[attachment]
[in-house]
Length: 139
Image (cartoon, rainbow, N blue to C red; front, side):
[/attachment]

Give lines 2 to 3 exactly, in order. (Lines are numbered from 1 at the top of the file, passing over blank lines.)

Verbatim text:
Length: 139
Image (cartoon, rainbow, N blue to C red; front, side):